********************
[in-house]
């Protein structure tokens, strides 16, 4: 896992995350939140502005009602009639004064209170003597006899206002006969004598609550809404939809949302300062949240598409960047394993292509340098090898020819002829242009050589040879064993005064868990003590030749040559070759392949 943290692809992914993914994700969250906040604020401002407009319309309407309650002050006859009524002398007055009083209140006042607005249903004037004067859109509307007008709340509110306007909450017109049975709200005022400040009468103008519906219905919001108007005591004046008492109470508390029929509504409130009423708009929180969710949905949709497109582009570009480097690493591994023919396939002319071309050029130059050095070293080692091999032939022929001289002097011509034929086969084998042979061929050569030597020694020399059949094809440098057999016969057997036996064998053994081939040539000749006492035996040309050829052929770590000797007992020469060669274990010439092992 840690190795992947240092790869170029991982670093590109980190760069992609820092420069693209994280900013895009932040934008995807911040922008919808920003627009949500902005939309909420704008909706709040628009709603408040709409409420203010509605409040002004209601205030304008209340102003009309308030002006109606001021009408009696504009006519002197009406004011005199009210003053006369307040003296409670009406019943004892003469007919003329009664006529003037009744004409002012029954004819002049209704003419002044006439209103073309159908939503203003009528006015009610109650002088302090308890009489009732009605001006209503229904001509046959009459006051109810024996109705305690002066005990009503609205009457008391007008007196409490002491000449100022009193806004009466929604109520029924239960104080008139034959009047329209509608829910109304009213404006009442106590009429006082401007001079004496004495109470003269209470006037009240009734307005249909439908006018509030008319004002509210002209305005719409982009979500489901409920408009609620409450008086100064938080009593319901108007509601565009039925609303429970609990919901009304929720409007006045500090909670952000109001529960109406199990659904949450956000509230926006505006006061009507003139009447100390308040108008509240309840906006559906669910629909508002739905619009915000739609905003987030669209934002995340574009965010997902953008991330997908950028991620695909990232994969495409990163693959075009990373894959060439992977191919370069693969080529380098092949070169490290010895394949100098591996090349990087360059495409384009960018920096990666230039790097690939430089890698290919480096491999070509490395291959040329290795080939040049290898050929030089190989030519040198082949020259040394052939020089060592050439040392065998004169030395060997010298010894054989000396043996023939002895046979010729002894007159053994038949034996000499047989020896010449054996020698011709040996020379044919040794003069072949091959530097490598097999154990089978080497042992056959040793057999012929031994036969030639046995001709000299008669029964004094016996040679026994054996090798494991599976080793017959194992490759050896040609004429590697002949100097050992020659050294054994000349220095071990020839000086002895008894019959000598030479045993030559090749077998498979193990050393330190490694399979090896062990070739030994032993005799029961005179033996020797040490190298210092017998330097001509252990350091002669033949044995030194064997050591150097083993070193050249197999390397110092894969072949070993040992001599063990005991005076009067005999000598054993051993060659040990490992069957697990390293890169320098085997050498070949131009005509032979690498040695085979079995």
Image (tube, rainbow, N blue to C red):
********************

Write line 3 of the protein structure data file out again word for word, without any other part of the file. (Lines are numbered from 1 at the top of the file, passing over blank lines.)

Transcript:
Image (tube, rainbow, N blue to C red):